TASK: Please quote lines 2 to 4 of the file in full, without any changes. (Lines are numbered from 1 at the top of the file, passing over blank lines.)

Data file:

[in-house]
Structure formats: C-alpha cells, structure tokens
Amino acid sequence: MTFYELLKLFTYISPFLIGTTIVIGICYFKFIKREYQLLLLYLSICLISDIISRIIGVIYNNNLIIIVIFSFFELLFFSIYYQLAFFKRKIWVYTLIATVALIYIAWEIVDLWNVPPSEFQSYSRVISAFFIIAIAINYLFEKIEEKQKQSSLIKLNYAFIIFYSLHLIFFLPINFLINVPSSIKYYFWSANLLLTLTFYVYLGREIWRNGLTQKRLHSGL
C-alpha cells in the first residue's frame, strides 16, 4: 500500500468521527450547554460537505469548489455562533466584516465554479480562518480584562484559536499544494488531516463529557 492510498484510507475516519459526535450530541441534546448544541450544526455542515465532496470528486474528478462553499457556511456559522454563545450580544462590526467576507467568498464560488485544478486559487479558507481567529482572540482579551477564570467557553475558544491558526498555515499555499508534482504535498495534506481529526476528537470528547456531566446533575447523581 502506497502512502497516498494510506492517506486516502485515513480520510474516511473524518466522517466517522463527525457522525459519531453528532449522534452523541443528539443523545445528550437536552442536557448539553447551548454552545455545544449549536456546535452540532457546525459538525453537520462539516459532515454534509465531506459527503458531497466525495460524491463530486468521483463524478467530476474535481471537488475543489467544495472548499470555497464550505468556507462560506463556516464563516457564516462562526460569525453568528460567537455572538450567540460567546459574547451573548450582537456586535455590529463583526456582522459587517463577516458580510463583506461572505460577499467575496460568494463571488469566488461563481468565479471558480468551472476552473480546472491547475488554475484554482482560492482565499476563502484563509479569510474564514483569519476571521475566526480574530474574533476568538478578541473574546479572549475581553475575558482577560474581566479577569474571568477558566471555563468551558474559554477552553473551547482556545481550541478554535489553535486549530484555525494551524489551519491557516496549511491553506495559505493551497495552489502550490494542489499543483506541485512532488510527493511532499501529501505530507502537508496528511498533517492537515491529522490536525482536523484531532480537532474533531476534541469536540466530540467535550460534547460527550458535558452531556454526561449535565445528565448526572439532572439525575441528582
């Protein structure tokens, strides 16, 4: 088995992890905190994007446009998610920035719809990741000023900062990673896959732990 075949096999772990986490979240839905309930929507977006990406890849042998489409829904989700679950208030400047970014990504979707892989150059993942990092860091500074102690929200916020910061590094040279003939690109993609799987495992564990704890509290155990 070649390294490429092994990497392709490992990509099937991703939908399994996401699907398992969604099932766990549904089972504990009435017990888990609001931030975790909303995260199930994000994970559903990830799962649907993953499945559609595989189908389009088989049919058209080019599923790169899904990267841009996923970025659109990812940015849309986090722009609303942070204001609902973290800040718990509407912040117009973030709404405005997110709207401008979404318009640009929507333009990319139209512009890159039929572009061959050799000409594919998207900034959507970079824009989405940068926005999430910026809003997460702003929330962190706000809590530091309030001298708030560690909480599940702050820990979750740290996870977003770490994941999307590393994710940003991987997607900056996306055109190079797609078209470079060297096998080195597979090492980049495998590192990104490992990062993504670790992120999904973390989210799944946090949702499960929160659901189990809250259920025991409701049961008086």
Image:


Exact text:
Structure formats: C-alpha cells, structure tokens
Amino acid sequence: MTFYELLKLFTYISPFLIGTTIVIGICYFKFIKREYQLLLLYLSICLISDIISRIIGVIYNNNLIIIVIFSFFELLFFSIYYQLAFFKRKIWVYTLIATVALIYIAWEIVDLWNVPPSEFQSYSRVISAFFIIAIAINYLFEKIEEKQKQSSLIKLNYAFIIFYSLHLIFFLPINFLINVPSSIKYYFWSANLLLTLTFYVYLGREIWRNGLTQKRLHSGL
C-alpha cells in the first residue's frame, strides 16, 4: 500500500468521527450547554460537505469548489455562533466584516465554479480562518480584562484559536499544494488531516463529557 492510498484510507475516519459526535450530541441534546448544541450544526455542515465532496470528486474528478462553499457556511456559522454563545450580544462590526467576507467568498464560488485544478486559487479558507481567529482572540482579551477564570467557553475558544491558526498555515499555499508534482504535498495534506481529526476528537470528547456531566446533575447523581 502506497502512502497516498494510506492517506486516502485515513480520510474516511473524518466522517466517522463527525457522525459519531453528532449522534452523541443528539443523545445528550437536552442536557448539553447551548454552545455545544449549536456546535452540532457546525459538525453537520462539516459532515454534509465531506459527503458531497466525495460524491463530486468521483463524478467530476474535481471537488475543489467544495472548499470555497464550505468556507462560506463556516464563516457564516462562526460569525453568528460567537455572538450567540460567546459574547451573548450582537456586535455590529463583526456582522459587517463577516458580510463583506461572505460577499467575496460568494463571488469566488461563481468565479471558480468551472476552473480546472491547475488554475484554482482560492482565499476563502484563509479569510474564514483569519476571521475566526480574530474574533476568538478578541473574546479572549475581553475575558482577560474581566479577569474571568477558566471555563468551558474559554477552553473551547482556545481550541478554535489553535486549530484555525494551524489551519491557516496549511491553506495559505493551497495552489502550490494542489499543483506541485512532488510527493511532499501529501505530507502537508496528511498533517492537515491529522490536525482536523484531532480537532474533531476534541469536540466530540467535550460534547460527550458535558452531556454526561449535565445528565448526572439532572439525575441528582